Biology ETDs

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Leaf tissue production was studied to determine possible successional trends. The study area was in the spruce-fir zone of the southern Rocky Mountains 15 kilometers northeast of Santa Fe, New Mexico. In this area quaking aspen (Populus tremuloides) is a successional species that is slowly replaced by Engelmann spruce (Picea engelmannii) and corkbark fir (Abies lasiocarpa var. arizonica) as succession proceeds towards the classical spruce-fir climax. Five study plots were subjectively selected to represent a successional sequence of forest stands with similar physical characteristics. The plots were arranged in a successional series by using the increase in coniferous basal area at DBH as an indicator of later stages of succession. Overstory leaf production was measured by determining the DBH of every tree greater than 2.54 cm DBH and then applying regression equations to calculate leaf biomass. Aspen leaf production was assumed to be equal to aspen leaf biomass. For spruce and fir 25% of the leaf biomass was used for leaf production. Herbaceous leaf production was collected throughout the growing season whereas shrubs were collected once at the end of the growing season. Understory leaf production decreased with succession from 71.06 g/m -year to 9.07 g/m -year. Vaccinimn scoparimn dominated four of the five plots in terms of understory leaf production (no lower than 71%), but Thermopsis pinetorum reached the highest value in the earliest successional site (33%). Shrubs contributed only a minor portion of the total leaf production with the exception of aspen which produced 82 g/m -year in one site. In this site aspen was the canopy species, but did not qualify as overstory be definition (>2 .54 cm DBH). Leaf production of aspen increased through time in the first two plots and then decreased to zero in late succession. Spruce leaf production increased from 4.86 g/m -year in early succession to 503 g/m -year in late succession. Fir leaf production was not present in the first two plots, but increased to a maximum of 253 g/m2-year before the latest successional stage was reached. Overall leaf production increased from 160 g/m2 -year to 619 g/m2-year. Several successional trends were noted and discussed. It appears that leaf production may not yet have leveled off. More studies are suggested.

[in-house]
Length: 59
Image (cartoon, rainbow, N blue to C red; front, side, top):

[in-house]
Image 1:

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Degree Name


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Department Name

UNM Biology Department

First Committee Member (Chair)

James R. Gosz

Second Committee Member

Loren D. Potter

Third Committee Member

Rex G. Cates

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Biology Commons